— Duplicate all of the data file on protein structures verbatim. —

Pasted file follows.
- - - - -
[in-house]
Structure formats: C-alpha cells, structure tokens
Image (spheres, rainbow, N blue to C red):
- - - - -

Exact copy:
[in-house]
Structure formats: C-alpha cells, structure tokens
Image (spheres, rainbow, N blue to C red):